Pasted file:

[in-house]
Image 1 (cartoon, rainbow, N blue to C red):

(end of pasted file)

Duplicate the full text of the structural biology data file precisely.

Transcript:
[in-house]
Image 1 (cartoon, rainbow, N blue to C red):